BOOM ONE UPDATE
The power of the human voice
Every day we’re surrounded by a symphony of sounds – from the mundane to the mysterious. This month’s BOOM ONE sound effects update has 626 files with 3254 sounds, and explores an array of human utterances, creepy Halloween effects (in time for the holiday), and a plethora more sounds from the natural and man-made world.
The nearly 200 vocal sounds cover everything from breathing and yawning to slurping, coughing, and kissing: the noises our mouths make that are more than words. These are “vocal barks”, used to fill out those awkward silences between dialogues and action sequences. Our recordist Yannick Winter recorded these raw, unfiltered vocal effects that allow us to inject realism and immersion into our projects.
We’ve included 100 bone-tingling Halloween effects that come just in time for spooky celebrations and programs. Recorded by BOOM Library professionals across the board, there are creepy creaking wood floors and doors, piano notes, string slides, eerie designed sounds like music boxes and choirs, as well as a few more gore effects, drones, and booms to add to the collection.
Rounding out the update is an assortment of 300 textures, ambiences, and impacts. Help your audiences escape into lush forests or neighborhood environments. Ceramic clinks, juicer whirs, and sawing wood add some tactile elements. These build up BOOM ONE’s palette of sound to help get your creativity moving and make your projects easier to design.
Yannick Winter sat down with us to discuss the recording process for the vocal effects.
Have you ever played a video game and heard the ambient vocal effects? Maybe your character is in a tavern or walking through a village. The NPCs are making noises, or “barks”, that aren’t always coherent and are designed to slip into the background to give the player the feel of the real world without distracting from the gameplay.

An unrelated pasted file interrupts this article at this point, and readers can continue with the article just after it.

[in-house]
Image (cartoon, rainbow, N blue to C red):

These are also important for film sound editors, who are always looking for generic sounds to fill out the atmosphere in a scene – a perfect addition to car honks, dog barks, or closing doors in populated scenarios.
“If you imagine a large roleplaying game, there are main and side characters and NPCs,” Yannick Winter, our recordist for this update, says. “NPCs usually have so-called ‘barks’ in game, which get triggered randomly, like someone coughing in a hospital bed for example, or an unsuspecting enemy whistling in a stealth game.”
That’s what this month’s pack is all about, providing you with top-quality vocal barks so that you can drop in a high level of realism without distracting gameplay. “While the main and side characters have their own voice actors, the NPCs usually don’t, but they are still a big part of the world and make the environment authentic and believable.”
MEETING THE TALENT
Yannick met with a team of six vocal actors to help prepare for you this excellent update of over 200 studio-grade sounds. To get enough variation in the sounds, he recorded three female and three male vocal artists to come to our studio and deliver their exceptional work.
“I immensely enjoyed working with the people making the sounds,” Yannick said. “I discovered that each person in front of the microphone had something unique to contribute to the sound pack. It could be a very unique interpretation of a sound that I hadn’t thought of before or coming up with completely new and extremely useful sounds by using their voice creatively.”
RECORDING THE SOUNDS
Doing the work in our studio, Yannick was able to get the precise set up that he needed for the super clean and distortion free recordings. For this project, he chose the large diaphragm cardioid Lewitt LCT 440. “These types of microphones are a popular choice when it comes to vocals,” Yannick explains. “The cardioid pattern can give your recordings more low-mids because of the proximity effect and the Lewitt produces a clean sound with minimal self-noise.”
Yannick then changed the position of the mic depending on what sound they were after. “If I wanted to highlight the low rumbling of a really deep cough, I positioned the microphone chest high. For some of the breathing sounds, I placed it slightly above the head at an off-axis, so I wouldn’t get the air-rumble from breathing directly into the microphone.”
THE BOOM ONE SOUND
BOOM ONE starts you off with a collection of over 90,000 high-quality sound effects and delivers a massive new update every month. Our team of top sound designers and artists create the diverse libraries you need – from ambient tones to human voices, animals to sci-fi. Subscribe now for high-quality, royalty-free sounds at your fingertips. Check out our main BOOM ONE page here for more details.
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